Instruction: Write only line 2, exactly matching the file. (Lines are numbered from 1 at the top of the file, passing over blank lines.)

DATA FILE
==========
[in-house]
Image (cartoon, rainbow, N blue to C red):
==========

Image (cartoon, rainbow, N blue to C red):